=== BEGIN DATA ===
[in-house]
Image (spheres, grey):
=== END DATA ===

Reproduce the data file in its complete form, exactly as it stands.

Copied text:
[in-house]
Image (spheres, grey):